- Rachel Fewell, Denver Public Library, Denver, CO

The Children Act
by Ian McEwan

“Judge Fiona Maye is at a difficult point in her marriage. Taking refuge in addressing other people’s problems in family court, Fiona extends herself more than usual, meeting a boy whose future is in her hands. McEwan is a masterful observer of human distress. With a simple story and flawed, genuine characters, this novel is poignant and insightful.”

- Jennifer Alexander, St. Louis County Library, St. Louis, MO

The Distance: A Thriller
by Helen Giltrow

“Imagine a modern-day Robin Hood who deals not in money, but identity. Karla, the protagonist of The Distance, is a tech guru with a conscience, and the security of several nations dependent on her. This nuanced book kept me on the edge of my seat. I cannot wait until the next one comes out.”

- Cathy Scheib, Indianapolis Public Library, Indianapolis, IN

Horrorstor: A Novel
by Grady Hendrix

“You know how some horror movies would work better as novels? Horrorstor is that book, perfectly capturing everything that is terrific about the horror genre. In its catalog-style pages, you’ll find a hefty dose of satire, as a Scandinavian furniture store is transformed overnight into a prison. With characters that you’re rooting for and terror that creeps up on you, Horrorstor will keep you up all night in the best possible way.”

- Donna Matturri, Pickerington Public Library, Pickerington, OH

The Paying Guests
by Sarah Waters

“You can almost bet that a situation with long-term guests–paying or not–is not going to turn out well. This novel by Waters, who many know from her earlier books Tipping the Velvet and The Little Stranger, will keep you turning the page to see just how tense things can get, and how far fear and passion can push someone.”

- Elizabeth Angelastro, Manlius Library, Manlius, NY

The Witch with No Name
by Kim Harrison

“In this book, Harrison ends her long-running Hollows series, featuring witch Rachel Morgan, vampire Ivy, and pixy Jenks. Rachel’s come a long way; now, she and her friends attempt the impossible and face their toughest battle yet. Harrison skillfully wraps up many plot points, leaving readers sad that the series is over but satisfied by its ending. Fans will surely cheer Rachel on and shed a tear or two.”

- Ilene Lefkowitz, Denville Public Library, Denville, NJ

Season of Storms
by Susanna Kearsley

“Once again, Kearsley introduces you to a cast of characters who will quickly hold a special place in your heart. Celia and Alex mirror lovers from decades past, sharing similar secrets and passions. Flashbacks are woven seamlessly into the storyline, and the strong family component is handled beautifully, with surprising twists and turns.”

- Marianne Colton, Lockport Public Library, Lockport, NY

September Book Discussions

Stop by the Adult Services Desk at the Main Library (Harnish) to pick up your copies today!

* Book Clubbers
Meets the first Thursday of each month.
Thursday, September 4th @ 7pm (Harnish)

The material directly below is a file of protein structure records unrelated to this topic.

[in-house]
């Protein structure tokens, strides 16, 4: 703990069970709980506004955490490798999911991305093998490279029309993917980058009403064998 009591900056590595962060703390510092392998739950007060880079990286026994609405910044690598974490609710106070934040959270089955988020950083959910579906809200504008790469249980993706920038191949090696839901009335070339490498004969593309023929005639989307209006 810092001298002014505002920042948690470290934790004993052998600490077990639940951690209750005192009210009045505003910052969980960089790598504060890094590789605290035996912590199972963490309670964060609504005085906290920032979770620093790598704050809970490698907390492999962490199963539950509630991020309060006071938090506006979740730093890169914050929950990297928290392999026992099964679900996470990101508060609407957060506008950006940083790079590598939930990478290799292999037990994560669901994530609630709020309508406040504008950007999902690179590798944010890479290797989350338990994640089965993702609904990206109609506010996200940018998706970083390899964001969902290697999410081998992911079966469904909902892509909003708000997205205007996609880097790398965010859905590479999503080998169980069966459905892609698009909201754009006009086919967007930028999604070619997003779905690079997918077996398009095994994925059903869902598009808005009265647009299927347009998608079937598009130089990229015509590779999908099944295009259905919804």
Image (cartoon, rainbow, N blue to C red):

One Thousand White Women
by Jim Fergus

A secret government programs seeks white women to marry Cheyenne Indians to help assimilate them into white society.  Mary Dodd, condemned to a mental asylum by her family, volunteers for the program because she believes this is the only way she can achieve freedom.

 

* Spine-crackers
Meets the first Friday of each month
Friday, September 5th @ 10am (Harnish)

Keepsake
by Kristina Riggle

Two sisters raised by a hoarder, deal with old hurts and resentments and the very different paths their lives have taken.  Topics addressed included hoarding and Obsessive Compulsive Disorder (OCD).  Feel the real emotional power and compassion about families and their baggage.

 

* Bookalicious – For adults who enjoy reading YA Literature.
Meets the second Monday of each month at the Village Vintner Winery & Brewery. 
Monday, September 8th @ 7pm (Village Vintner)

Shadow and Bone
by Leigh Bardugo

Orphaned by the Border Wars, Alina Starkov is taken from obscurity and her only friend, Mal, to become the protegé of the mysterious Darkling, who trains her to join the magical elite in the belief that she is the Sun Summoner, who can destroy the monsters of the Fold.

 

Classics Book Club
Meets the third Wednesday of each month.
Wednesday, September 17th @ 7pm (Harnish)

Sons and Lovers
by D. H. Lawrence

Selected by the Modern Library as one of the 100 best novels of all time, this semi-autobiographical novel by D.H. Lawrence shows the destructive power of love.

 

 

Nite Readers
Meets the third Thursday of the month.
Thursday, September 18th @ 7pm

The Humans: A Novel
by Matt Haig

Regarding humans unfavorably upon arriving on Earth, a reluctant extraterrestrial assumes the identity of a Cambridge mathematician before realizing that there is more to the human race than he suspected.

 

 

* Indicates book clubs that are lead by a librarian.

August 2014 Library Reads List

Visit LibraryReads for more information about how this list was created, and to view favorites from previous months!

One Kick: A Novel
by Chelsea Cain

“Kick Lannigan survived being kidnapped as a child. Now, at twenty-one, determined never to be a victim again, she has reinvented herself. Martial arts and weapons handling are just a few of the skills she has learned over the years. Kick catches the attention of John Bishop, a mystery man with access to unlimited funds, and together they go after a cabal of child pornographers. A read-in-one-sitting, edge-of-your-seat thriller.”

- Elizabeth Kanouse, Denville Public Library, Denville, NJ

Lucky Us: A Novel
by Amy Bloom